In the world of online language learning, have you come across the field of “accent reduction” and “accent reduction trainers”? When I see this I’m concerned about false advertising on the one hand and false hopes on the other. The notion of “accent” is extremely subjective. Most of the English learners I spend time with have what many might consider a “French” accent, but although there are some common features in the sounds of their speech, there are as many “French” accents as there are students. Which “French” accent are we referring to? Furthermore, is it necessarily a “bad” thing to have French-sounding English (or German, Chinese, Hispanic…)? A French accent may grate on the ears of another French English-speaker, but to native English speakers it can sound exotic and sophisticated.
Rather than talking about “accent” it is more helpful to distinguish between clear and unclear pronunciation. Often it is not “accent reduction” that is required, but rather training in how to produce sounds that do not occur in the learner’s L1 (native language) and how to speak with English-sounding intonation. The latter is certainly more difficult to achieve.
Taking the example of French learners (the example I know best), it is not usually mistakes in pronunciation that hinders communication, but rather unusual intonation. French and English intonation are very different, and I find this one of the hardest areas in which to help learners. French speech is timed by its syllables – every syllable has the same value (think machine gun). English, rather, is timed by stress: the rhythm of words is determined by the stressed syllable, and the rhythm of a sentence by the words that are emphasised (think Morse code). Native English speakers are good at adapting to non-standard pronunciation because of the huge variety in world English. But we are not so good at adapting to differences in intonation. Try saying an English sentence giving every syllable the same value and not stressing any particular words. The result is likely to be unintelligible.
This is where shadow-reading comes in as a useful technique for intonation and pronunciation training. Not every learner catches on to the value of this immediately as it seems counter-intuitive, but once you “get” it, it’s almost guaranteed to improve your speaking if it is done regularly.
Prerequisite: learners need to be good at sourcing audio material on the Internet on subjects that interest them, downloading podcasts, and need to have regular listening integrated into their language-learning programme. This is a must for students anyway, and the possibilities are endless. To get you started:
Talk About English (BBC Learning English)
Audio material with transcripts works best, and monologues (talks, reports etc.) work better than dialogues (conversations, interviews etc.). The speech should be somewhat slower than normal conversational speed, but not unnaturally slow.
The lower the level, the more assistance the learner will need to source appropriate materials. It is not essential that the learner master all the vocabulary in the material, however, the more they understand, the more motivating the activity.
There are two ways of approaching shadow-reading.
1. Listen to the material once or twice to understand the gist of the article.
2. Listen again and this time try to highlight or underline the stressed words in each sentence, and any pronunciation that is unexpected.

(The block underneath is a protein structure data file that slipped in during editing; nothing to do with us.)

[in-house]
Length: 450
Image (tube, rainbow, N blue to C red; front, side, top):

3. Play again and this time read along with the speaker, trying as much as possible to mimic their intonation.
4. Finally, practice reading the text aloud without the audio. Ask a trainer for comments if you have one available.
5. (Optional) Record your reading of the text using Audacity. As a follow up activity you can then listen to your own voice, and then the original audio, and note any differences you hear.
Without script (for more advanced learners).
1. Listen to the material once or twice to understand the gist of the article.
2. Replay the audio and this time, speaking aloud, try to “shadow” the speech by repeating what is said immediately after you hear it, trying to mimic the speaker’s intonation.
3. Repeat the activity until you can shadow the whole article without missing words (you may need to check the script for any unknown words).
4. (Optional). You can easily turn this into a writing or speaking activity. After you have listened a few times, rewrite the speech in your own words according to what you remember, OR practice giving the speech in your own words without any support from the text. This can be recorded using Audacity, and played back to your teacher/trainer or a native speaker for comments.
These activities don’t have to be done with a trainer (doing myself out of a job here!) However, one disadvantage of doing it alone is that we don’t always notice our own pronunciation or intonation errors, especially if they are bad habits that we have developed over time. Live online language training gives you this opportunity, in your own time, and without having to leave your home. Contact us for more details.
One of the problems using the Internet to improve language learning is “where do you start?” You can easily be overwhelmed with the number of language-learning tools and sites available.
Google has a number of tools that can help you get just the information you need for second language learning, and we will be posting some ideas of how to set up these tools to help your language learning.
I use Google Reader as a web page that I can personalise to bring the specific information I need for teaching and language-learning directly to me, without having to surf the web to look for it.
Let’s say you are a business English student trying to improve your language skills to get a better job. The first thing to do is to create your own Google Reader site. If you don’t have a Google account you will need to create one.